He says the addition of three respiratory illnesses to the presumptive list of conditions connected to burn pits is nothing more than “a smoke and mirrors show” while a whole range of other cancers and illnesses are not yet even on the table.

Jon Stewart and John Feal hug after the Senate passes the 9/11 Compensation fund in 2019 (EPA)
Jon Stewart and John Feal hug after the Senate passes the 9/11 Compensation fund in 2019 (EPA)

“That’s just political breadcrumbs, a smoke and mirrors show,” he says.

“It’s just throwing a couple of things out there so that on the surface it looks like they’re doing the right thing.

“And they don’t need 90 days any more [to present a link to certain cancers]... that was weak and poor leadership from the president,” he adds of the Veterans Day announcement.

A VA spokesperson tells The Independent that making the three respiratory conditions presumptive is just “a first step of more to come as we tackle the difficult topic of environmental exposure” and that addressing the health effects associated with toxic exposure is “a major priority” to the president and his administration.

“The president believes we have one truly, sacred obligation – to properly train and equip our troops when we send them into harm’s way, and to care for them and their families when they return home,” he says.

He adds: “The Bidens are a military family, they know first-hand the sacrifices that our military families, caregivers, and survivors have made in serving our nation.”

Secretary McDonough has also vowed to “fight like hell on the issue”, he says, adding that the VA does however “understand” the frustrations among the veteran community.

“We understand the frustration some veterans are experiencing while we are working, but we are working hard to find the answers for veterans that are scientifically sound and legally defensible,” says the spokesperson.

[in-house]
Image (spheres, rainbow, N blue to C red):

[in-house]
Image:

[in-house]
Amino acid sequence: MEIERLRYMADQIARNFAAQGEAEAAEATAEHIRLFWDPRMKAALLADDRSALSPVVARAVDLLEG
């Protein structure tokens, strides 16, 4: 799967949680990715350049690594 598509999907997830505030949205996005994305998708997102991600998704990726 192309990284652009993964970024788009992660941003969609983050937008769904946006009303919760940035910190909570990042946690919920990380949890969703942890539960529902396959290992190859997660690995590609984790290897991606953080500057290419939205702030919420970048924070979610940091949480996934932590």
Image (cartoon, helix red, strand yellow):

A war on burn pits

Mr Feal says he believes Mr Biden does indeed care about the issue but his personal connection to burn pits could be “holding him back”.

“We’re disappointed by the lack of action from the White House,” he says.

“I know him and he’s a good man but I think Biden just doesn’t want to make his son’s death political and so - while I’m confident he will sign any bill on this into law - I think he is holding back.”

What the president should actually be doing is declaring a “war on burn pits”, he says.

“We just ended a 20-year war. Now, all he has to do is start a new war on ensuring these people get the healthcare they deserve,” he says.

“We need to start a war on burn pits and make sure this situation doesn’t happen again.”

Of course, the US has already been in this situation before.

A sign warning of Agent Orange at a former US military base in Danang, Vietnam, following the Vietnam War (AP)
A sign warning of Agent Orange at a former US military base in Danang, Vietnam, following the Vietnam War (AP)

Troops returning home from the Vietnam War began experiencing illnesses caused by toxic exposure to Agent Orange - a herbicide used by the US military to clear the heavy jungle.

For years, these veterans fought for their conditions to be recognised as connected to their service before the Agent Orange Act was finally passed in 1991 – 16 years after the war ended.

Now, advocates are urging Congress to pass legislation that will presumptively link several conditions and illnesses to toxic exposure, taking the burden of proof away from veterans.

Two similar bills were introduced in 2021 – The Comprehensive and Overdue Support for Troops of War Act or COST of War Act in the Senate and the Honoring Our Promise to Address Comprehensive Toxics Act or PACT Act in the House.